NORTH PLAINFIELD, NJ – At a special program Feb. 15, North Plainfield Middle School welcomed retired educators Theodora Lacey, a civil rights pioneer, and Martha Gundy, who as a student experienced integration. During their visit, Lacey and Gundy shared their personal experiences with a large group of seventh and eighth graders gathered in the school’s media center.
“Here, the English classes are studying the civil rights movement and are learning a lot about the history of it [such as] integration, the great migration, Jim Crow laws and what the daily impact on life was like,” said North Plainfield Middle School Principal Dr. Lennox Small, who worked alongside both Lacey and Gundy in Teaneck for 16 years. “Often, when the kids are learning about past events it is contextualized in a textbook or they are these mythical figures and that's it. Theodora Lacey and Martha Gundy are here to talk about their experiences and bring life to what our students are reading and learning about.”
Lacey, now 84, grew up in Montgomery, AL under Jim Crow laws and, during Wednesday’s program in North Plainfield, spoke at length about her experiences during the historical Montgomery Bus Boycott. Sparked by the arrest of Rosa Parks in Dec. 1955, the boycott was a 13-month political and social protest campaign against racial segregation on the town’s public transit system that ended with the U.S. Supreme Court ruling that segregation on public buses was unconstitutional. Additionally, Lacey’s family and Parks were good friends and her late father, while serving as president of the board of Montgomery’s Dexter Avenue Baptist Church, was part of a committee that recruited Dr. Martin Luther King, Jr. to serve as pastor.
Lacey describes her fight for equal opportunities as part of her “DNA’ and after relocating north and settling first in New York and then in Teaneck, NJ, joined the League of Women Voters and the PTA. She got a job as a science teacher for Teaneck Public Schools and in the early 1960s was instrumental in spearheading the integration of Teaneck Public Schools. As a result of her efforts, the district, in 1964, became the first in the nation to integrate without a court order.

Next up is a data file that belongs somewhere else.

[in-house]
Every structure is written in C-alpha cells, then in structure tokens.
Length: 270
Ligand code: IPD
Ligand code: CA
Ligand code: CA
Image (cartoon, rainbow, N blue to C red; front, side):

“At your age, I wasn't allowed to be in the same room. Everything was segregated – schools, parks, theaters, restaurants, restrooms and even the water fountains,” Lacey, who retired from teaching in 2007 after nearly 40 years, told the students. “I didn't visit the zoo until she was 13 because, prior, people of color were not allowed in.”
Gundy was in fifth grade when she relocated to Teaneck from New York. At the time she graduated, Gundy said there were less than 90 ‘faces of color’ in a class of 640 students. Although she aspired to go to college and pursue a career into education, Gundy said her high school guidance counselor put off signing her college recommendation because he felt she should pursue a career as a secretary, despite the fact that she could not type. Following college, however, she returned to Teaneck, working for the district for more than 40 years – first as teacher and then as a guidance counselor, replacing the same person who didn't want to sign her recommendation a few years earlier.
“If you have your mind set on something know you can do it even if there people closing the door on you,” Gundy told the students. “Keep going to the next door until you find someone who is going to give you that opportunity.”
During their visit with North Plainfield students, both Lacey and Gundy also had the opportunity to answer student questions on topics ranging how Dr. King would perceive civil rights in today’s society’ and suggestions for ways to practice non-violence along with thoughts on recent presidential election.
“We all have a story to tell. Our story begins even before we are born. It begins with our ancestors and no matter how much you learn, if you are unable to take that education and make a difference in someone’s life then it was for naught …” advised Lacey. “You don't have time to waste. You are writing you’re history now. Be kind. Be honest. Be open. Speak up. Stand up.”
Following the program, NPHS English teacher William Saccardi said, “It was truly an honor to have them here today. “For them to share their experiences and for the students to hear them firsthand, is definitely something we cannot recreate in the classroom.”
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